Kevin Pillar
Kevin PillarReuters

The San Francisco Giants on Tuesday acquired Jewish outfielder Kevin Pillar from the Toronto Blue Jays in a trade that sent infielder Alen Hanson, relief pitcher Derek Law and a minor league player to Toronto.

Pillar, 30, has been a steady offensive player throughout his career with the Blue Jays launched in 2013. Last season the righty swinger sported a .260 batting average with 15 home runs and a career-high 59 runs batted in. But Pillar has been better known for his defensive prowess, earning recognition as being among the top center fielders in the game.

The Giants have been searching for outfield help since late in spring training.

Speaking to reporters in Toronto after the trade, Pillar got emotional when asked about no longer being a part of the organization that drafted him.

“It’s all I’ve ever known. You spend a lot of time here, more time here than you do in your home in the offseason. I spend more time with people here than I do with my own family. That part of it is hard,” he told Sportsnet while holding back tears.

Pillar, a Southern California native, had a bar mitzvah as a teen, and while playing in Toronto he addressed 500 young Jewish athletes at a Maccabi Canada event.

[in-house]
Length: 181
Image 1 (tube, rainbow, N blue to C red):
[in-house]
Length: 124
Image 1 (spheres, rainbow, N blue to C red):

In a 2016 interview with Philadelphia’s Jewish Exponent, Pillar spoke of the importance of Jewish kids having athletes they can look up to.

“I know they’re proud and watching and support me,” he said. “That’s the special part because there are not a lot of Jewish players. I just like being that role model for the kid who believes he can’t play a professional sport. I’ve become that for them.”

On June 8 of last year, Pillar was part of the most productive day for Jewish batters in Major League Baseball history, when five Jewish players combined for six home runs to help their respective teams to victory.

That night, Pillar hit his sixth homer of the year and third in seven games in a 5-1 win over the Baltimore Orioles. His eighth-inning solo shot gave the Blue Jays their final run. Danny Valencia, the third baseman for the O’s that night, was the only Jewish position player not to hit one out on Friday.

JTA contributed to this report.